Orange Shirt Day

The National Day for Truth and Reconciliation honours the children lost and the survivors of residential schools. Acknowledging the painful history and ongoing impacts of residential schools is a vital part of the reconciliation process. Not only for survivors, but as well as families and Indigenous communities.

Orange Shirt Day is a grassroots Indigenous initiative, honouring those who endured residential schools and remembering those lost. The day is connected to the experiences of Phyllis Webstad, a Northern Secwpemc (Shuswap) from the Stswecem’c Xgat’tem First Nation (Canoe Creek Indian Band). The young Indigenous student arrived for her first day of school wearing a new orange shirt, which was taken from her. It's now a symbol of taking away Indigenous culture and freedom.

Resources for Families  
Collection of Indigenous Books

Indigenous Books on Truth and Reconciliation

We've created a curated collection of children's titles available to borrow at a branch near you.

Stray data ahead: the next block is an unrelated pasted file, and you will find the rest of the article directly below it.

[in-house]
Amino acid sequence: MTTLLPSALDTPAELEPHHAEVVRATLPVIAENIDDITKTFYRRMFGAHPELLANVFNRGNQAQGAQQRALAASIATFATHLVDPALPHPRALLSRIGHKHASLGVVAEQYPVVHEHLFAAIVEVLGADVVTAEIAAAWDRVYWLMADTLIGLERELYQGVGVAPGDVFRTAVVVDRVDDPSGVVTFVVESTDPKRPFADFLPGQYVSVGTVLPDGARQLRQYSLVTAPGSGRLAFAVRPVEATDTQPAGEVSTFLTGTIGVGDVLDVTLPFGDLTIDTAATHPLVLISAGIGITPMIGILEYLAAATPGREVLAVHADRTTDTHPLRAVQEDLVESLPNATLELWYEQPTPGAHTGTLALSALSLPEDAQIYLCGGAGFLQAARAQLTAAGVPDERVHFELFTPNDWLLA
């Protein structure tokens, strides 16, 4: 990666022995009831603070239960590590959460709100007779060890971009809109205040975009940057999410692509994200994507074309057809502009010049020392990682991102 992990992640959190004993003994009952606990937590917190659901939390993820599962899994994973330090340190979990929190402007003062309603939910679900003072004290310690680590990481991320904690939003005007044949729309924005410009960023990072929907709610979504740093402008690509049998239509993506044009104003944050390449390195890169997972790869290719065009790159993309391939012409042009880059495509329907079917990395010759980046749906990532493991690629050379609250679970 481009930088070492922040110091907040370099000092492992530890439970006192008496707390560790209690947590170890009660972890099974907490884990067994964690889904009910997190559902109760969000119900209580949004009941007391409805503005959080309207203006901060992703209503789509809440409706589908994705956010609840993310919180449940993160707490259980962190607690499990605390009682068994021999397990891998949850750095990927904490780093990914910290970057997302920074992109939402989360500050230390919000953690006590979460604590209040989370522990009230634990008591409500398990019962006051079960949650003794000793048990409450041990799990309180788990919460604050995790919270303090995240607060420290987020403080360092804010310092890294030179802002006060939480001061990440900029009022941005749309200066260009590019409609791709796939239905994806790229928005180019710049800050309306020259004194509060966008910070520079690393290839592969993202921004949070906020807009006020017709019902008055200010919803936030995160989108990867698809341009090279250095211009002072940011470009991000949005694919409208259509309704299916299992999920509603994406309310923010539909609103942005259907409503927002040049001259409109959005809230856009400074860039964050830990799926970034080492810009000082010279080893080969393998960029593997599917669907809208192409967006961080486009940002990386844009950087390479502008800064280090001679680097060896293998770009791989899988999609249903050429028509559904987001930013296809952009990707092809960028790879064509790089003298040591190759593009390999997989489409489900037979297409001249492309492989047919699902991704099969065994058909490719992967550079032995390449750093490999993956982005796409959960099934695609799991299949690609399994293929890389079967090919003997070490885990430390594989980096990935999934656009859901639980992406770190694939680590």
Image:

These books can help young ones to learn about the experiences endured by Indigenous peoples at Residential Schools in Canada.

Looking for more titles for kids about Indigenous lives? Visit our catalogue

 

Collection of Indigenous Books Indigenous Reads for Youth

These books are a great resource for learning about the lives of Indigenous peoples. Available to borrow at your local RWL branch, the collection offers books for youth.

For for more titles on Indigenous peoples in Canada, visit our catalogue.

External Resources 
 

Healing of the Seven Generations

Woodland Cultural Centre

NFB films about the tragic impact of residential schools in Canada.

CBC News Interactive Map of Residential Schools

 

 

 

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